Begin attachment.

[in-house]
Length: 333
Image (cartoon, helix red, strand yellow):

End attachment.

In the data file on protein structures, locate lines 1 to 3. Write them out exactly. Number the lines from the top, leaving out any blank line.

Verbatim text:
[in-house]
Length: 333
Image (cartoon, helix red, strand yellow):